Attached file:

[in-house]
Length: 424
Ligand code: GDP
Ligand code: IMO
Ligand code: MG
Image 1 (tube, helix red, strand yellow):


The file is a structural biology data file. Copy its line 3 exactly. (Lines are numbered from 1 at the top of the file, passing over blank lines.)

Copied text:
Ligand code: GDP